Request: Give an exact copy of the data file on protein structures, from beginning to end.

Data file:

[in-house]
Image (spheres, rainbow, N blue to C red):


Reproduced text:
[in-house]
Image (spheres, rainbow, N blue to C red):